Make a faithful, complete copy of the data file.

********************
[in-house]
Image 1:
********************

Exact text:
[in-house]
Image 1: